Experiment Two: Sensory Perception of Space and Resonance.

In Your Mind: Sit tall with mouth fairly wide open.  While “singing” (in your mind), the syllable “ha” on the A3 pitch.  Play the pitch again on your virtual piano if you need to. Your mouth should be wide enough to fit the thickness of your first two fingers between your upper and lower teeth. Now sustain “ha” A3 pitch (for just a few seconds).

Question: What happens?

Answer: The resonance frequencies for the “ha” are quite different than for the “hum.”

Question: What do you imagine you would feel?

Answer: The sound is coming out of your mouth, not your nose.  There’s not much of a sensation of vibration (or buzz) in your face or lips and certainly not your nose.  It’s difficult to feel anything in the mouth.

Experiment Three: Sensory Perception of Space and Resonance.

In Your Mind: In this third experiment you’ll repeat the steps above combining the hum and “ha” sounds with tight/clenched and wide open jaw positions.  As in Experiment One, clench your teeth, press your tongue hard to the roof of your mouth (hard palate) and hum at the A3 pitch for just for a few seconds, then open your mouth just slightly and sustain “ha” at the A3 pitch.  Now, repeat the hum and the “ha” in rapid succession like this:

mmm-haaa; mmm-haa; mmm-haaa

Question: What happens?

Answer: Your soft palate lowers for the /m/ and the sound it directed out of your nose and you and feel the buzz in your lips and nose (and eyeballs and forehead).  Your soft palate raises for the “ha” and the sound is directed out of your mouth. The buzz sensation is less obvious, but with practice you’ll learn to use this image of buzz to direct the resonance of your voice forward.

Question: What would you hear?

Answer: There would be no change in pitch, but you would hear a different sound. That different sound is a shift in resonance.  As you train your voice, and learn to notice these subtleties, you’ll arm yourself with the tools to make a huge difference in your voice.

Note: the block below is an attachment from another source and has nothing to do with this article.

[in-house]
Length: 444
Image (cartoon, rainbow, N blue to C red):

Experiment Four: Bright vs. Dark Tone Focus.

There are ways to “brighten” your tone. Listen to this song from the Little Mermaid TV show before beginning this thought experiment.

The Little Mermaid TV Show – Daring to Dance 2

In Your Mind: Sit tall and draw upon your imagination to sense a buzz in your lips, nose, cheekbones, eyes and forehead.  Pull sharply into the focus of voice of the actress/singer from this video and hear (in your mind) youself singing as you “sing-count” the words “one, two, three”.  Repeat (in your mind) as many times as you need to so that you’re imaging that you sound like this singer.  Listen to this song as many times as you need to memorize the sound (in your mind).

Question: What happens?

Answer: The brightness of this voice is a result of a very forward placed voice.  A dark voice is produced in the back of the throat, like in Experiment One when you opened your throat as if to yawn while humming/singing “ha”.

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I know it’s very difficult to notactually conduct these experiments, so go for it.  What is your outcome?

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Step 6:  Resonance

For the month of June, your goal is to play with these thought experiments. Spend some time each day working them through in your mind.  You don’t have to be a theoretical physicist to be successful with these.  And, you’ll find that the mystery of resonance—I get a lot of questions and comments that this element is very difficult, even elusive—is yours to discover.

I’d LOVE to know how you’re doing with Step 6. Stay in touch over the month.

Keeping you and your voice close to my heart,

Kathe

Denver, Colorado